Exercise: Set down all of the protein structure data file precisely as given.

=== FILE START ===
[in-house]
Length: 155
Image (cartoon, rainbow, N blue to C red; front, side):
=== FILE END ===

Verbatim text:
[in-house]
Length: 155
Image (cartoon, rainbow, N blue to C red; front, side):